Star trail photos are a captivating way to show time’s progression through the night, and this image has a sort of painterly quality to it, hence the name Space Canvas. Of course the first thing that people want to know about these kinds of shots is how do you show that progression of time?
There’s two ways of doing it: You either set the camera to bulb mode and use a remote cable to hold the shutter open for the duration of the shot, or you take a series of consecutive images and layer them on top of each other using post processing techniques. As you can see from the image data I provided, I chose the second method, and combined 75 x 30 second photos to get this shot.
Why choose this method when it sounds like more work? With the single exposure method a camera’s sensor heats up over the duration of the shot, and you end up with a much noisier image. You also run the risk that you’ll accidentally ruin the image, or someone else will ,with a stray beam of a flashlight. With the multiple shot method, you can safely discard one of your shots in the middle and people will be none the wiser.
Taking the shots consecutively is very easy when you use a release cable with a built-in timer. Simply set the exposure duration, and tell it how often you would like it to take the shot. In this case I set it to do a 30 second image, then pause for 1 second and then another 30 second image. Exposing the shot is easy because all you need to do is get the exposure correct for one of the 30 second shots, and then simply repeat those settings every time. As long as the moon isn’t out, you’ll have a consistent exposure. It’s always best to shoot when the moon hasn’t yet risen, or has already set, stars will be much more visible in the sky and you wont have exposure unknowns over long periods.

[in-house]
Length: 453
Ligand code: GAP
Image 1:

Stacking the photos together isn’t as hard as you might imagine, you can use a free program called StarStax, or you can load them into photoshop as individual layers and set the blend mode for every layer to lighten. This allows the stars to shine through the layers and reveal their path. It can be done in just a few minutes!
Why Does This Shot Work?
Contrast is king when it comes to grabbing people’s attention, and there’s no stronger contrast than a silhouette. The other thing that works well is that the trees appear to be converging, and pointing to a single spot in the sky – this leads the eye upwards in exploration. The convergence effect was achieved deliberately by spreading the legs of my tripod out as wide as possible, and putting the camera just a couple of inches off the ground, looking upwards at the trees. This leading line from the trees, as well as the sweeping motion of the stars picks up the viewer’s eye and whisks them through the image from the bottom to the top. This is slightly enhanced by a brightened patch of sky in the bottom of the image between the trees. Our eyes will tend to gravitate towards the brightest point first, so this makes a great starting point for people to look at the shot, and from there they are drawn upward and across in an arc, eventually exploring the whole image.
First you must captivate a viewers attention, in this case done with the sharp contrast of the silhouette. Then you must lead their vision in a way the has them exploring the whole shot, and this is done with the converging trees and of course the lines of the trail itself. These two ideas are the recipe for a great image, and they can be applied to anything! First captivate, then invite exploration.
EQUIPMENT USED FOR THIS SHOT
- Canon 5D Mark III
- Canon 24-70 f/2.8 L II
- Peak Design Clutch – I have one one each of my cameras. (Save 10% in the Peak Design store with this link.)
- Really Right Stuff TVC-24L Tripod with BH-40 ballhead
- Camera Trigger